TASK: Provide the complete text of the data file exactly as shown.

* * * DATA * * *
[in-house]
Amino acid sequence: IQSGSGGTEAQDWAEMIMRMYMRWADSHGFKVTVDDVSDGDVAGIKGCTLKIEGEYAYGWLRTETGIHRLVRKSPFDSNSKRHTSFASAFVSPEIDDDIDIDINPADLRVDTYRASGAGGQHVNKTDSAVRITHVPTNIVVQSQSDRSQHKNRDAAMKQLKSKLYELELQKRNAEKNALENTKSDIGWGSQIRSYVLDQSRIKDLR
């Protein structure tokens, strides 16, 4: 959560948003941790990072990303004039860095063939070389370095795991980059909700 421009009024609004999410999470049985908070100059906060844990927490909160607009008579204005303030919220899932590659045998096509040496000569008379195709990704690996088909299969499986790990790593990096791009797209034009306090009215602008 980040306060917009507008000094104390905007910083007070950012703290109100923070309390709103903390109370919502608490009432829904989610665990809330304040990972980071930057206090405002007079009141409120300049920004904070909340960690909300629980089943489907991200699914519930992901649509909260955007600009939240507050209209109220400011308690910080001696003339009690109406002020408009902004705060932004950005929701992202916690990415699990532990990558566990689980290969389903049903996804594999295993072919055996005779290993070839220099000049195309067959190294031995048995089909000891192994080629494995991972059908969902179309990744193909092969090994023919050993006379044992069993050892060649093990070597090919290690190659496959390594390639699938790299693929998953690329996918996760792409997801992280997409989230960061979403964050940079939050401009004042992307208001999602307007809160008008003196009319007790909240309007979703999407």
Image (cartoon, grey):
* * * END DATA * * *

[in-house]
Amino acid sequence: IQSGSGGTEAQDWAEMIMRMYMRWADSHGFKVTVDDVSDGDVAGIKGCTLKIEGEYAYGWLRTETGIHRLVRKSPFDSNSKRHTSFASAFVSPEIDDDIDIDINPADLRVDTYRASGAGGQHVNKTDSAVRITHVPTNIVVQSQSDRSQHKNRDAAMKQLKSKLYELELQKRNAEKNALENTKSDIGWGSQIRSYVLDQSRIKDLR
């Protein structure tokens, strides 16, 4: 959560948003941790990072990303004039860095063939070389370095795991980059909700 421009009024609004999410999470049985908070100059906060844990927490909160607009008579204005303030919220899932590659045998096509040496000569008379195709990704690996088909299969499986790990790593990096791009797209034009306090009215602008 980040306060917009507008000094104390905007910083007070950012703290109100923070309390709103903390109370919502608490009432829904989610665990809330304040990972980071930057206090405002007079009141409120300049920004904070909340960690909300629980089943489907991200699914519930992901649509909260955007600009939240507050209209109220400011308690910080001696003339009690109406002020408009902004705060932004950005929701992202916690990415699990532990990558566990689980290969389903049903996804594999295993072919055996005779290993070839220099000049195309067959190294031995048995089909000891192994080629494995991972059908969902179309990744193909092969090994023919050993006379044992069993050892060649093990070597090919290690190659496959390594390639699938790299693929998953690329996918996760792409997801992280997409989230960061979403964050940079939050401009004042992307208001999602307007809160008008003196009319007790909240309007979703999407």
Image (cartoon, grey):